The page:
Women in Translation Month celebrates women writers who write in any language and the translators who put their words into English or other languages to make their work more accessible to a worldwide audience.
This biography caught my interest due to a time in my past and due to reading and reviewing another book by this author titled An American Princess which consistently gets the most hits of any post on my blog as people search for it, I imagine, thinking it is about Prince Harry’s wife. (It is not). My final interest in this book was the country Suriname–I am fairly geographically literate, but I admit that Suriname escaped my notice until some of my Operation Christmas Child Shoeboxes went there. Had I been asked I’d have assumed it was an island in the Pacific. Nope! It is in South America and was a Dutch colony whose bauxite production helped win World War II.
I came away from the book confused. Was it father or son who was the boy of the title? It could be either. Here’s the story: Dutch wife and mother Rika, 37, in a marriage she no longer wanted, fell in love with a much younger (about 20) Surinamese man named Waldemar who was her border after she left her husband. They had a son, also named Waldemar, but called Waldy. They ran a prominent seaside hotel on the Black Sea during the hard years of the 1930s. Their son, whom they nicknamed “Sonny Boy” after the popular song, was very loved. When the war came, Rika hid Jews from the Nazis. Eventually, of course, she was caught. She and her husband ended up in Nazi Concentration Camps. Young Waldy survived but had a troubled life thereafter.
My Thoughts–Where the Book Succeeds and Fails
My confusion on whether it was Waldemar [father] or Waldy [son] referred to in the title made it more challenging than it should have been to read this book. I’m pretty sure it was the son because the Dutch title was “Sonny Boy.” Sadly, the confusion came from the need to write a biography of a boy of about 15 at war’s end.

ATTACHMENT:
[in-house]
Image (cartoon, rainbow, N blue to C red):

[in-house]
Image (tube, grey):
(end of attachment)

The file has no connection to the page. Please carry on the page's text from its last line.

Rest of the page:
There is much to admire in this story–that Rika hid Jews, that she participated in the resistance is, of course, to be celebrated. That she dumped her husband and four older children and got pregnant by a man so much younger, from another culture, and who was supposedly just renting a room in her flat…that’s not very laudable. In fact, her eldest son never reconciled with her and only met his half-brother many years later.
When Waldemar’s [father] early life was discussed the author brought up that he was an “ocean swimmer.” I really thought this would lead to something great. She brings up that fact a few more times. Well, it does matter I suppose, in the very last chapter. The circumstances make it clear though that will to live, rather than any great skill or speed as a swimmer, where what mattered.
As for Waldy himself–there was really nothing to say about him. He was a baby, adored by his folks. He endured the confusion of some of his half-siblings visiting for lunch once a year for most years. Almost nothing is discussed as to why being mixed race might have made life hard for him in the Netherlands in that era. The big stuff happens to his parents. He is relegated to an almost footnote of a discussion in which his extended family finds him a burden after his parents are arrested. Oh, and he got in with a radical student group and found it difficult to write about the parents he barely remembered. That’s it.
By far the most interesting part of the book is that about Waldemar’s father and Suriname. That was all very interesting. I’m not at all saying what Rika and Waldemar went through was unimportant–of course, it wasn’t. But new ground was broken for me and for most readers in discussing Suriname and the Dutch colonials of that era.
The author’s American Princess book fell victim to similar confusion. The best part of it was her discussion of Queen Juliana’s husband, Prince Bernhard, and their wedding. Maybe she needs a new editor? The translation also made use of terms out of synch with the era of the story. “Going rogue,” “laid-back atmosphere,” the “drama” of life and other terms of today were jarring to me. One tiny historical error–she goes on about Neville Chamberlain speaking from the first floor of 10 Downing, when in fact he said “Peace in Our Time” at the airfield. He did later give a speech, but specifying the first floor of 10 Downing was odd.
As another volume in the canon of the Holocaust, another testament to those who tried to save Jews, this book works fine. As the biography of a mixed-race boy in Nazi-occupied Holland, it fails.
The Boy Between Worlds: A Biography by Annejet van der Zijl and translated by Kristen Gehrman